We saw this happen before spectacularly in the Alberto Fujimori case (JBC, May 5, 2009): An international criminal suspect wanted by Interpol could resign his Peruvian presidency, flee to Japan and get treated as a celebrity. He could even enjoy a safe haven from, yes, being “victimized” under Peru’s allegedly unfair judiciary. “Give us your huddled victims yearning to get rich …”

So I guess the moral is that the new boss is turning out the same as the old boss. Who cares about the rule of law, or cutting deals with international terrorists? We’re hosting a smashing party for our victims, and we don’t want you bounders and oiks to spoil it! Oh, and the bureaucrats want to justify their budgets too, so let’s make like we’re doing something about the abductions. Thus the con is not Kim’s alone.

But spare a final thought for the ultimate victims in this case: the abductees’ families, such as the Yokotas. Lured by false hopes of any news of their loved ones, they got entangled in this political stunt and lost enormous public sympathy for their cause. In the end, they were suckers for a self-proclaimed victim who is in fact a spy, a con artist and a mass murderer.

Debito Arudou coauthored the “Handbook for Newcomers, Migrants and Immigrants.” Twitter arudoudebito. Just Be Cause appears on the first Community Page of the month. Send comments on this issue to community@japantimes.co.jp



Critics say ex-spy treated too well


Kim Hyon Hui arrived in Japan on a government-chartered jet, was given a full police escort to the vacation home of a former prime minister and enjoyed a helicopter tour over the capital. All her expenses were paid for by taxpayers in Japan, plus some additional remuneration.

The official treatment of this former North Korean spy once sentenced to death for blowing up a South Korean airliner and killing 115 people has been likened to that for a state guest.

Despite the huge tab and long list of exceptions made for this to happen, relatives of Japanese who were abducted by North Korea said they were encouraged by what she had to say and now have renewed hopes of seeing their kin again.

Kim’s four-day visit to Japan started Tuesday and ended Friday. In the end, however, most agree that little information to help solve the long-standing abduction issue was obtained.

The extent of the exceptional treatment stunned some foreign media. The British newspaper The Independent reported on the story Wednesday under the headline “Former North Korean spy who bombed jet welcomed by Japan.”

The South Korean newspaper Chosun Ilbo said Kim, who was pardoned for the 1987 bombing of a South Korean passenger jet, received “state guest” treatment.

Critics including the president of the opposition Liberal Democratic Party, Sadakazu Tanigaki, slammed the event as a public-relations feat by the government to impress the public.

However, Hiroshi Nakai, state minister in charge of the abduction issue, countered by saying that if it were merely a political performance, “we would have done it before the Upper House election.”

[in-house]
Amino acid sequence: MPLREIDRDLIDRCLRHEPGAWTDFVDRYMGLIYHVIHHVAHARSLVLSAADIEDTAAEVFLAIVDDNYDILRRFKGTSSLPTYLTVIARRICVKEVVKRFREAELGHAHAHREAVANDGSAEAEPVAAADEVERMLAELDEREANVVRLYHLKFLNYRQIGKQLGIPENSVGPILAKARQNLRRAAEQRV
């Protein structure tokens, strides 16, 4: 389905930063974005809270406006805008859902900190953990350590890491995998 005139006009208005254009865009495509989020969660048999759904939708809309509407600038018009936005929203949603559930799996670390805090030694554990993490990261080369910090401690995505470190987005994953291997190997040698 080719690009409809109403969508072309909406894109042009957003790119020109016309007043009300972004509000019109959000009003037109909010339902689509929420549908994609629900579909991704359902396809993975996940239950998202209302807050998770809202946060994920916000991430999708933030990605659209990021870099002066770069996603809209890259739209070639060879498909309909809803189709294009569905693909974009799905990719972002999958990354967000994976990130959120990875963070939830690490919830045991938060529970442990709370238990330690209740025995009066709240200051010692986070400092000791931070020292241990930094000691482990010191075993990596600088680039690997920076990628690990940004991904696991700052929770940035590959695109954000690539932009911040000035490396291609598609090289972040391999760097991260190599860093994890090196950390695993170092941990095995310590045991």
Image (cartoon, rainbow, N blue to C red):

A source close to the government said, “I heard the government fixed the date (now), to attract public attention to the news after the soccer World Cup finished.”

Japan’s official stance is that 17 of its citizens were abducted by North Korea in the late 1970s and early 1980s.

In 2002, Pyongyang admitted to having abducted 13 Japanese citizens and returned five, claiming the rest were dead. Some of the missing abductees are believed to be alive.

The Japanese government had thought that prospects were dim to obtain new information from the former spy that would help solve the abduction issue. Thus, Kim’s visit might have been aimed at showing the public that it was still working on the issue, a government official said.

Kim, 48, should have been barred from entering Japan because she was carrying a fake Japanese passport at the time of the 1987 Korean Air jet bombing. That problem was taken care of by Justice Minister Keiko Chiba, who granted Kim special permission under the immigration control law.

According to a source close to the government, the chartered jet alone cost 10 million yen ($114,810). Add to that several millions of yen more for Kim’s motorcade from Tokyo to Karuizawa, Nagano Prefecture, which mobilized 100 police officers. It was “comparable to that of U.S. ministerial or deputy ministerial level officials,” the source said.

The helicopter sightseeing tour was a request by Kim, who reportedly wanted to see Mount Fuji. A helicopter flight of that type would cost 800,000 yen an hour, according to an industry source.

For fiscal 2010, 1.2 billion yen was allotted for abduction-related activities, twice the amount in fiscal 2009.

Even amid all the criticism, family members of abductees viewed Kim’s visit in a positive light. Kim met families of the abductees during her visit.

Shigeo Iizuka, who heads the association of the Japanese abductees’ families, said: “She said she was looking forward to seeing (my sister Yaeko Taguchi). I am sure she will continue to help us.”

Sakie Yokota, the mother of Megumi Yokota, who was abducted in 1977 at the age of 13, said, “I was encouraged by (Kim’s) words, ‘I believe she is still alive.'”

11 comments on “Japan Times JUST BE CAUSE Column Aug 3 2010: “The victim complex and Kim’s killer con”

  • Agreed, cracking article. The whole situation is disgusting on so many levels, and you hit the nail on the head.